5-HTP is an intermediate in the biosynthesis of serotonin - a neurotransmitter that is crucial for many cognitive processes. Serotonin acts on many parts of the brain, and is thought to participate in a wide variety of different neural functions. 5-HTP is readily converted to serotonin, and also effectively crosses the blood-brain barrier.
Serotonin Biosynthesis Pathway. The initial conversion of L-Tryptophan to 5-hydroxy-L-tryptophan is the rate-limiting step in serotonin biosynthesis. Thus, 5-HTP supplementation skips this step, resulting in a direct route to serotonin biosynthesis.
Some of the strongest effects of 5-HTP supplementation appear to be in promoting satiety, or a reduction in hunger. In a study of obese female subjects, 5-HTP administration reduced food intake and increased weight loss. Furthermore, no adverse effects on mood were observed with 5HTP supplementation. In a double-blind, placebo-controlled trial, it was found that 900 mg or 5-HTP/day, reduced carbohydrate intake, and increased satiety.1In a follow-up study with diabetic patients, it was observed that 750 mg/day of 5-HTP successfully resulted in a reduction of carbohydrate intake, lipid intake, energy intake, and weight loss (average of 1.1 kilograms lost).2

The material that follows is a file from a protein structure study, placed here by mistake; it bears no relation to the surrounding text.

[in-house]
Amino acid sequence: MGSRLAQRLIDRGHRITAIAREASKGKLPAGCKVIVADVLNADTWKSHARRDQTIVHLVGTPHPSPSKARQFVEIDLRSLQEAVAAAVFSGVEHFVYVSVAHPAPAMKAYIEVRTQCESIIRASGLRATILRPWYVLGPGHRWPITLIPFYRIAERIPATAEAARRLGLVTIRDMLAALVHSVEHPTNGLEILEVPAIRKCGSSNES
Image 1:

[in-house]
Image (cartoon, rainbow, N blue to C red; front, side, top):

These results demonstrate that 5HTP can reduce feelings of hunger, and these gains can translate to reduced energy intake (mediated by less consumption of carbohydrates and lipids), and this results in increased weight loss.
Editorial Opinion: The effects of 5-HTP on satiety are well-established: 5-HTP supplementation reduces macronutrient in-take and can lead to weight loss. The effect of 5-HTP in modulating stress and anxiety is equivocal, and no conclusions can be drawn from currently available data.
Cangiano, C., Ceci, F., Cascino, A., Del Ben, M., Laviano, A., Muscaritoli, M., . . . Rossi-Fanelli, F. (1992). Eating behavior and adherence to dietary prescriptions in obese adult subjects treated with 5-hydroxytryptophan. Am J Clin Nutr, 56(5), 863-867.
Cangiano, C., Laviano, A., Del Ben, M., Preziosa, I., Angelico, F., Cascino, A., & Rossi-Fanelli, F. (1998). Effects of oral 5-hydroxy-tryptophan on energy intake and macronutrient selection in non-insulin dependent diabetic patients. Int J Obes Relat Metab Disord, 22(7), 648-654.
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